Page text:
Sheep sometimes develop an abnormal behavior termed as wool-biting when kept in an indoor system; however, little is known about this behavior. As the provided feed type may affect the foraging behavior and repress abnormal behavior in animals, we tested the effect of feed type on repressing wool-biting behavior in this study. We used hay prepared in three forms, that is hay bales, rolls and cubes. The wool-biting frequency associated with hay bales was significantly higher than that associated with rolls (P < 0.05) and cubes (P < 0.05); however, there was no significant difference between rolls and cubes. For hay rolls, wool-biting significantly decreased after feeding (P < 0.05), suggesting that rolls may provide sheep with appropriate oral stimulation; thus, decreasing the post-feeding oral abnormal behavior. An individual difference of wool-biting behavior between sheep was also detected, and an unexpected bed-eating behavior was found in the hay cube treatment. We suggest that sheep performing movements that are similar to their natural foraging behavior while grazing would repress wool-biting behavior, which happened in hay roll and hay cube treatments. Considering sanitation and animal welfare, providing sheep with hay rolls may provide an easier method to control wool-biting behavior in housed sheep.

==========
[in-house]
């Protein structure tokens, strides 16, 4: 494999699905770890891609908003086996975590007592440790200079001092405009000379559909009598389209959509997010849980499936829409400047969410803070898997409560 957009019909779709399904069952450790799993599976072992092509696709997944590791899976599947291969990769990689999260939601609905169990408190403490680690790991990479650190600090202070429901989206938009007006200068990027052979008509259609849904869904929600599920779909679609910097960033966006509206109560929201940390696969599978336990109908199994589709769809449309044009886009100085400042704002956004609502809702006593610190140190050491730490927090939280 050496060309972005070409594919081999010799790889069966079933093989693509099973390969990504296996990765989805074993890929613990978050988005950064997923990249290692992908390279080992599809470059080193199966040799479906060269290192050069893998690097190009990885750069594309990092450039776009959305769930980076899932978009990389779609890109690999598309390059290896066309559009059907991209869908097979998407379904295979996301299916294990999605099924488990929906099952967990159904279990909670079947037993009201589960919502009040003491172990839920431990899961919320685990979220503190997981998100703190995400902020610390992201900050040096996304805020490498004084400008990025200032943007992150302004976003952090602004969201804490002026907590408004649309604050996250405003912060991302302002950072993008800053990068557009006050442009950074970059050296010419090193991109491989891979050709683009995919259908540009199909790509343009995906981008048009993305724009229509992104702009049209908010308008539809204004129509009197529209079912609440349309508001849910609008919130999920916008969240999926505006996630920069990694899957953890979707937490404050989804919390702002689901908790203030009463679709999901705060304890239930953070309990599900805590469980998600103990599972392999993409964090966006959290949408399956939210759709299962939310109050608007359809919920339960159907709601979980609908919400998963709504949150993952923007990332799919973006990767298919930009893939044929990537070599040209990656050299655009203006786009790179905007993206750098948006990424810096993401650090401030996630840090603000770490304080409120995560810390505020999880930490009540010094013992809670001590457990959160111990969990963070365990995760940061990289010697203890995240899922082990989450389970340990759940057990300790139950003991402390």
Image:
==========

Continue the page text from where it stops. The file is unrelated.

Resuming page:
3. Derepression and repression of the histidine operon: role of the feedback site of the first enzyme.

    PubMed Central

    Fernández, V M; Martíndelrío, R; Tébar, A R; Guisán, J M; Ballesteros, A O

    1975-01-01

    Thiazolealanine, a false feedback inhibitor, causes transient repression of the his operon previously derepressed by a severe histidine limitation in strains with a wild-type or feedback-hypersensitive first enzyme but not in feedback-resistant mutants. Since experiments reported here clearly demonstrate that thiazolealanine is not transferred to tRNAHis, it is proposed that this "transient repression" is effected through the interaction of thiazolealanine with the feedback site of the enzyme. Experiments in the presence of rifampin indicate that this thiazolealanine-mediated effect is exerted at the level of translation. We conclude that histidine (free), in addition to forming co-repressor, also represses the operon at the level of translation through feedback interaction with the first enzyme of the pathway (adenosine 5'-triphosphate phosphoribosyltransferase). Rates of derepression in feedback-resistant strains are roughly half of those observed in controls, suggesting a positive role played by a first enzyme with a normal but unoccupied feedback site. Some feedback-resistant mutants, in contrast to the wild type, were unable to exhibit derepression under histidine limitation caused by aminotriazole. PMID:1104584

  4. Repression of early lateral root initiation events by transient water deficit in barley and maize

    PubMed Central

    Babé, Aurélie; Lavigne, Tristan; Séverin, Jean-Philippe; Nagel, Kerstin A.; Walter, Achim; Chaumont, François; Batoko, Henri; Beeckman, Tom; Draye, Xavier

    2012-01-01